A SICILIAN PROVERB TO KEEP IN MIND: ‘A SQUAGLIATA DA NIVI SI VIDUNU I PURTUSA’ (WHEN SNOW MELTS, POTHOLES WILL APPEAR)

After a heavy snowfall, the snow-covered roads look beautiful, soft, and smooth, but when snow melts, potholes appear.

Obviously, the snow-covered road is a metaphor. What the proverb means is that when the veil of illusion covering your real being is removed, you will show your real nature and shortcomings.

A friend of mine once told me that he was going to get married to a girl he had come across through a dating site.

“Do you know her?” I asked him.

“I have never met her,” he replied, “but I’ve seen her picture on the computer and I’ve been chatting with her for a year. She is very beautiful and smart!”

A few months later, I met him again. He was a bit depressed, for the engagement had fallen apart. In fact, when he met the girl face to face, she was not beautiful at all. Her photo on the dating site was just a bait.

The moral of the story? We had better be straightforward and show ourselves as we are, otherwise ‘A squagliata da nivi si vidunu I purtusa! (When snow melts, potholes will appear!)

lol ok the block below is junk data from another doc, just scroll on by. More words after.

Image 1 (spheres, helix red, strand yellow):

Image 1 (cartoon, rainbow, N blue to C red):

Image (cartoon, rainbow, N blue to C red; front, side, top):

Ettore Grillo, author of these books:

– November 2: The Day of the Dead in Sicily (English edition)

– A Hidden Sicilian History (English edition)

– The Vibrations of Words (English edition)

– Travels of the Mind (English edition)

– Una Storia Siciliana Nascosta (edizione in lingua italiana)

– Viaggi della Mente (edizione in lingua italiana)

http://www.amazon.com/author/ettoregrillo

THE MOST BEAUTIFUL SICILIAN PROVERB: CUMU VENI SI CUNTA (WE WILL TELL THE STORY OF AN EVENT AFTER IT HAS HAPPENED)

The literal translation of this Sicilian proverb ‘We will tell the story of an event after it has happened’ does not fully express its meaning.  The hidden meaning is ‘Wait until an event or a situation really happens, and then you can tell the story about it. Do not create a future event in your mind. You have to live your life here and now. The future does not exist, because we do not know what is going to happen tomorrow.’

This proverb recalls the ‘Carpe diem’ (Seize the moment) by the Latin poet, Horatio, The Song of Bacchus by Lorenzo dei Medici, and The Power of Now by Eckhart Tolle.

Having in mind the old Sicilian proverb ‘Cumu veni si cunta’, we will learn not to be involved in situations or happenings that do not exist yet. We will live our life here and now!

Ettore Grillo, author of these books:

– November 2: The Day of the Dead in Sicily (English edition)

– A Hidden Sicilian History (English edition)

– The Vibrations of Words (English edition)

– Travels of the Mind (English edition)

– Una Storia Siciliana Nascosta (edizione in lingua italiana)

– Viaggi della Mente (edizione in lingua italiana)

http://www.amazon.com/author/ettoregrillo